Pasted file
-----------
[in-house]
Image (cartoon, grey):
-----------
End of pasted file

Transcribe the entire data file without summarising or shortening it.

[in-house]
Image (cartoon, grey):